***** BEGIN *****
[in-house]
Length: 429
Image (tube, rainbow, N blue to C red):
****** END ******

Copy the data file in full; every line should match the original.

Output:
[in-house]
Length: 429
Image (tube, rainbow, N blue to C red):